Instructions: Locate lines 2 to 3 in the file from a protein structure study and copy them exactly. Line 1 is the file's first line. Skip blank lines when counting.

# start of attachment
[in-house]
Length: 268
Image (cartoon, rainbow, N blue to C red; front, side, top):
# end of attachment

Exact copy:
Length: 268
Image (cartoon, rainbow, N blue to C red; front, side, top):